Tuesday, December 12, 2006

Knitting needles

You know knitting needles come in different sizes, and are made of different materials--metal, bamboo, wood. Each knitter has a favorite--warm wood or strong metal. I like bamboo needles in small sizes for knitting socks, but the price often is a snapped needle--at which point I remember why small double pointed needles were traditionally made in steel. Every kind of needle has it faults, however, metal needles can scratch, and wooden needles can split. different needle point stylesNeedles come in radically different point styles. It took several years of knitting before I settled on my favorites (Boye needles, now harder to find than ever...). These are aluminium needles with a relatively long, somewhat concave, ball-pointed tip. The needles I go slowest on are those with short, convex, rounded tips. Yet, when I'm knitting with superwash wool (very prone to splitting), I go faster with a rounded tip because it is less likely to split the wool.

Needles come in different finishes. I prefer the matte surface of the anodized Boye brand aluminium needle to the mirror finish of some nickel-plated needles. The nickel-plated needles can be so shiny that I end up stabbing at the reflection of the stitch, instead of the stitch itself--annoying. The relatively rough surface of a bamboo needle is a good match for a slippery superwash yarn on four small double pointed needles--a metal needle might slide right out. Yet, a metal needle is a far better choice for hairy single ply lopi--that hairy wool would knit up slower on wood or bamboo.



The point (!) is that on some projects, you'd go a lot faster if you had a different needle. Maybe some of the clunker projects in the bottom of the basket would reveal their loveable sides if there were a better match between the needle and the yarn.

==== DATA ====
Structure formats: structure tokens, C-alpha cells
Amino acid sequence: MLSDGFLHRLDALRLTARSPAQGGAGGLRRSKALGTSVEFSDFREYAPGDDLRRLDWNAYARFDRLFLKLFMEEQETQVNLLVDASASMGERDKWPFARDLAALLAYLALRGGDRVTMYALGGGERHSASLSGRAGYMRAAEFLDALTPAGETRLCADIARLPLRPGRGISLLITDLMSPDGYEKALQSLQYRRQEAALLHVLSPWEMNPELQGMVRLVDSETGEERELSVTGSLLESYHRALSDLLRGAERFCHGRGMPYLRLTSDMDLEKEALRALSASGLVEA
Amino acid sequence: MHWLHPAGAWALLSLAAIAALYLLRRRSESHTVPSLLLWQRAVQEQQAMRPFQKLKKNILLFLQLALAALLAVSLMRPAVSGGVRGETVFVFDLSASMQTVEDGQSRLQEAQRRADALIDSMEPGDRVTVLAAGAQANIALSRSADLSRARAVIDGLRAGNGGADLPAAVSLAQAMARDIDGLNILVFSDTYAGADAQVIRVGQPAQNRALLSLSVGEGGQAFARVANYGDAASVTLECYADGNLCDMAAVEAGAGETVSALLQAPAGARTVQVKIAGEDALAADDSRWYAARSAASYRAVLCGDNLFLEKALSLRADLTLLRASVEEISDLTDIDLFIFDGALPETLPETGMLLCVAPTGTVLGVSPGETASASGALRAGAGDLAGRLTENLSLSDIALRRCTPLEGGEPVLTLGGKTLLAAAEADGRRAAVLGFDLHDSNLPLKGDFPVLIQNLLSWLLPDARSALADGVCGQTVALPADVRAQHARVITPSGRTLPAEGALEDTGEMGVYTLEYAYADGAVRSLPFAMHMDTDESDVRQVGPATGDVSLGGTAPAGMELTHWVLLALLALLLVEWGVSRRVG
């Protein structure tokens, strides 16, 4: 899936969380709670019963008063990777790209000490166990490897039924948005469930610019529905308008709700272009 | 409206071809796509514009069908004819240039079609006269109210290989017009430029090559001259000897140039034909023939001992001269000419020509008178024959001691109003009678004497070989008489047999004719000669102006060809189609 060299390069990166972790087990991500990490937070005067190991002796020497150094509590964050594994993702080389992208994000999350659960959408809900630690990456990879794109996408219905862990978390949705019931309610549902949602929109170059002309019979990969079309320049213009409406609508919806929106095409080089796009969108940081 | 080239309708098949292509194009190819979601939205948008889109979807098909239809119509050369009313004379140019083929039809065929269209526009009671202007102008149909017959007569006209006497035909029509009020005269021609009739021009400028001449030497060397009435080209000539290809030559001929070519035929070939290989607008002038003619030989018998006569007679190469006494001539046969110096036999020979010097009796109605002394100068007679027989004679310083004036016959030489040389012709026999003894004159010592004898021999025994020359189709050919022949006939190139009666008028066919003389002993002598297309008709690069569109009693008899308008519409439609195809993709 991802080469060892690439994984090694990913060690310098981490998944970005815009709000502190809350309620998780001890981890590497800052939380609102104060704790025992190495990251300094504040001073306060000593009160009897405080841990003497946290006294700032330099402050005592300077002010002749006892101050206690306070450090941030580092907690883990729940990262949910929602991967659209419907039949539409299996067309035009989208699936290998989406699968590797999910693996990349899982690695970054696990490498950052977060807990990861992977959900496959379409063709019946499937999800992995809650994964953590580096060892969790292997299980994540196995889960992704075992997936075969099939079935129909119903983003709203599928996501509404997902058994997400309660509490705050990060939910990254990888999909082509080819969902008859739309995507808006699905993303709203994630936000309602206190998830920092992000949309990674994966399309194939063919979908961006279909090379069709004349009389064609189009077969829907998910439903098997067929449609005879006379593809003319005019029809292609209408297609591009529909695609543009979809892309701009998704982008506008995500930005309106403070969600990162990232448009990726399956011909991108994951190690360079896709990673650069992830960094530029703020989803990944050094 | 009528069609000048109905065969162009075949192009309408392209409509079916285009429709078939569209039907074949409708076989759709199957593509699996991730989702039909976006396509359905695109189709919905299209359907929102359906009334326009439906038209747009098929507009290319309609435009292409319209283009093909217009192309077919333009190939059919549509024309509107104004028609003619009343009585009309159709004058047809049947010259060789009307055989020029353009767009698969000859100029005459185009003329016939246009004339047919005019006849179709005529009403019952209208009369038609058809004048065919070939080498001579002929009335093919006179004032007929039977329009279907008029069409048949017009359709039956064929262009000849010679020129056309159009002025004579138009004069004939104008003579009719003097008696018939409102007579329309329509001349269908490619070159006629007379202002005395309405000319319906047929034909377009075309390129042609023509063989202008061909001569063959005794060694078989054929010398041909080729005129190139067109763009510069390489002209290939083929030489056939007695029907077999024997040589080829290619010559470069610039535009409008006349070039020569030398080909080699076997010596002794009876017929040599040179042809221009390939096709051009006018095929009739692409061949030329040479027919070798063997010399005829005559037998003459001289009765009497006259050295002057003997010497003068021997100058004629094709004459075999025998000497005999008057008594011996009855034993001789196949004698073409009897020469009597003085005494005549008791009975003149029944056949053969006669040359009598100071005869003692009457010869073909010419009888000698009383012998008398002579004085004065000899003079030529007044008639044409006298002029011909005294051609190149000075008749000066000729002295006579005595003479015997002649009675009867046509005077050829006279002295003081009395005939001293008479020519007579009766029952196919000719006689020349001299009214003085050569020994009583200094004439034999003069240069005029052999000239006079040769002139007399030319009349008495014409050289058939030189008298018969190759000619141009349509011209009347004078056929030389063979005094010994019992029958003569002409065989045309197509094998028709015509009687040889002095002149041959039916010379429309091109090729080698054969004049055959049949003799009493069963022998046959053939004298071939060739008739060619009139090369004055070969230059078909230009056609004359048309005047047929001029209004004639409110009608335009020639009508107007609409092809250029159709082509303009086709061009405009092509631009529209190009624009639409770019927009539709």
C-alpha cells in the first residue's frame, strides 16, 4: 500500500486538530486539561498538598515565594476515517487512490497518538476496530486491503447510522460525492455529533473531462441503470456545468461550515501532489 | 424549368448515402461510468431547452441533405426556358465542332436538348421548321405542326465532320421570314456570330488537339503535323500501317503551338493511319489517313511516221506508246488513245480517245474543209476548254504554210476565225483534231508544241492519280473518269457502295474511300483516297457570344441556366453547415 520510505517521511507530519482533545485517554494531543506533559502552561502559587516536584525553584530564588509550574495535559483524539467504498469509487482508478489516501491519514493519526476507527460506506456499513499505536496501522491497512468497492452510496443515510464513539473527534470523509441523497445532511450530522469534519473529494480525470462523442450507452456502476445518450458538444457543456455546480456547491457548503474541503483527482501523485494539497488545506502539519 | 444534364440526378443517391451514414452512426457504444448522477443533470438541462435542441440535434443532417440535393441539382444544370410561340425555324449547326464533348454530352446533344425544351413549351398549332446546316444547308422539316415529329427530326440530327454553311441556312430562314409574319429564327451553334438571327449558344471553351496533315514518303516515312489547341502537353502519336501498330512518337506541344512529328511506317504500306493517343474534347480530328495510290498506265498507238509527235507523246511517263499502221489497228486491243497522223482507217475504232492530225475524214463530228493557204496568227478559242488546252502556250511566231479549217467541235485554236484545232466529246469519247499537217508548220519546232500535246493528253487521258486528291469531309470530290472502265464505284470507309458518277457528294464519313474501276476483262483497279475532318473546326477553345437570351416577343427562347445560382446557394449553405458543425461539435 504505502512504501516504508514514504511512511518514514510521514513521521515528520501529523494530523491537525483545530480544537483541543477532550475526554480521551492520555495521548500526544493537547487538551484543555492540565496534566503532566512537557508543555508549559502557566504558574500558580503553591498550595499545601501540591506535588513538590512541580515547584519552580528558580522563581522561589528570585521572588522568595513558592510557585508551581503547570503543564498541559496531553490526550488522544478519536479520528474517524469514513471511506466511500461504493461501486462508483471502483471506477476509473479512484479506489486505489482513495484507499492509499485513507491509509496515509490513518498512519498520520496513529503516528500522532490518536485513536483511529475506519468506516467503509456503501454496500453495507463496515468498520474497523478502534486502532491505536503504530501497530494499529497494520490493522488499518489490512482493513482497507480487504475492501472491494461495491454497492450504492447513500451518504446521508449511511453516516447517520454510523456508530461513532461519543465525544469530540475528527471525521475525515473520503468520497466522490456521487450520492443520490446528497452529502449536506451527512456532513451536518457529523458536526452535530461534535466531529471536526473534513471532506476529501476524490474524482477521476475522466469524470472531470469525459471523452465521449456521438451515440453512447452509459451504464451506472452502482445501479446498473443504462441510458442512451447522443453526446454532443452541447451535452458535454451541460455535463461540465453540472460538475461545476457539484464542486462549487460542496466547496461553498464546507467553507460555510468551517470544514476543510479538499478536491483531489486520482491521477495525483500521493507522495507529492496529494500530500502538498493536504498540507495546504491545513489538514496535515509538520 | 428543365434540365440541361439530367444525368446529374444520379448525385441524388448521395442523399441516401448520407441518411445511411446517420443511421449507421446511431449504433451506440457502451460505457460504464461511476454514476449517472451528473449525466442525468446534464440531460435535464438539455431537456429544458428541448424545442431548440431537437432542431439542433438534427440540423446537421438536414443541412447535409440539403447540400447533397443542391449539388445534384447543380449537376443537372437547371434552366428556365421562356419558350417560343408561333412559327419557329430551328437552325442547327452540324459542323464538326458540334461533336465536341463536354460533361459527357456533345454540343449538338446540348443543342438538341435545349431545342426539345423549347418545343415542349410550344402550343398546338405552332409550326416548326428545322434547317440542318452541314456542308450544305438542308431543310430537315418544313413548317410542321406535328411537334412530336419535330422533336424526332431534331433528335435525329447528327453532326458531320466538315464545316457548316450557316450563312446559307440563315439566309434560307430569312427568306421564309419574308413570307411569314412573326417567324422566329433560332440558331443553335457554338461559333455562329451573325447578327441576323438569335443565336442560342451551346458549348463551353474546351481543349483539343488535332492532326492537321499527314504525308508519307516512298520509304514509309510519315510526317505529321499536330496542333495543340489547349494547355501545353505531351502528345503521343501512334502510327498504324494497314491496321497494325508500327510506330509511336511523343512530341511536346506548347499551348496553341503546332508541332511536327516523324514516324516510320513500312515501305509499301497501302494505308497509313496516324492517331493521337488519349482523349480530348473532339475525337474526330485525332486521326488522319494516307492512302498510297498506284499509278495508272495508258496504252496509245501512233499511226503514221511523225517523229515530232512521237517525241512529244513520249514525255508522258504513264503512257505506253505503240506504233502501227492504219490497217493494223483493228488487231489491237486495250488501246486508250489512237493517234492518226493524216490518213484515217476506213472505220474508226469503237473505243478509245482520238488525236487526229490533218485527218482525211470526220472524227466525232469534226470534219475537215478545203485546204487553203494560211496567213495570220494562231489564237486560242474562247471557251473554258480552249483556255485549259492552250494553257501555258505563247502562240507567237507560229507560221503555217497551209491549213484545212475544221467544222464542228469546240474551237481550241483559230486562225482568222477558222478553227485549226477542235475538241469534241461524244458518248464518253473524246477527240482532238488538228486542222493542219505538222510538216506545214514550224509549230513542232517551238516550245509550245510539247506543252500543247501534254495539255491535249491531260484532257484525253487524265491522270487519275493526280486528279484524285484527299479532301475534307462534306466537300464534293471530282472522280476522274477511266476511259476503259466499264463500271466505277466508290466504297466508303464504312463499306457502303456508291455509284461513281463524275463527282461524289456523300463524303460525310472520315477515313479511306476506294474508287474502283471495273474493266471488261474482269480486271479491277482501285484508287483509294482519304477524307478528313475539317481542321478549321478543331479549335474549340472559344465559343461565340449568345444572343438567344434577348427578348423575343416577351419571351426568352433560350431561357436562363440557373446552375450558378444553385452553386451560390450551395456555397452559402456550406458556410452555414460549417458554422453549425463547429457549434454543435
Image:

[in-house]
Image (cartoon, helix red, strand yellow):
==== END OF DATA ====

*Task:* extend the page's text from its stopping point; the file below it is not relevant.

(And given our proximity to the holidays, you may, if you like, consider this an excuse to go out and...shop for some more needles, even if you already have that size in every length.)

--Techknitter

9 Comments:

Blogger Rohanknitter said...

This is a great resource!
Thanks so much!

December 13, 2006 at 1:30 AM  
Anonymous Anonymous said...

thank you...you have cleared up about 3 years of questions for me..i can never know which needles to use.

December 13, 2006 at 12:01 PM  
Anonymous susie lee said...

i like the shiny myself, it is pretty...

December 13, 2006 at 12:04 PM  
Anonymous Adele said...

I find garage sales are a great place to find Boye needles, and I love them best also.

December 14, 2006 at 8:38 AM  
Anonymous Anonymous said...

There's a craft store in Waupun with tons of Boye needles. I bought a bunch I haven't tried yet.

December 14, 2006 at 9:15 PM  
Blogger Glen said...

I always see boye needles at Michael's... In fact, I have every available size in the 14" Boye needles. I like them as well.

April 14, 2007 at 8:10 PM  
Blogger Patricia said...

I just came across this post. I feel vindicated. I am always hounding the ladies at the local yarn stores for aluminum needles. One lys pushed metal, the other wood or bamboo. I like Inox 6" ally for socks, cut will use Brittany Birch 5". I am growing fond of the addi turbo circulars. No worries about the join of the needles.

June 4, 2011 at 3:14 PM  
Blogger Unknown said...

I agree that Boye needles (Which I can usually find at Michael's Arts & Crafts stores) are the best because of the more matte colored metal. I prefer the ease and speed of metal over wood, but the super shiny needles glare makes it hard for me to see and its annoying to constantly have to shift about to find the sweet spot where your lighting doesn't make knitting annoying. I have been toying with the idea of using etching fluid to try to make some of these super shiny needles more matte. My one major concern is that all the slickness would be gone and the needle would then become rough... any thoughts?

February 26, 2014 at 12:06 PM  
Blogger TECHknitter said...

Hi Unkown--I would take a magic eraser (which is just super super fine sandpaper) to the needles. That will dull them but still leave them slick and smooth. (Try a little bit near the bottom first!) Best, TK

February 26, 2014 at 5:44 PM  

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